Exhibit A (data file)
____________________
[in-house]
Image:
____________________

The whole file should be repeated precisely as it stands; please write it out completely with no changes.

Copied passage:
[in-house]
Image: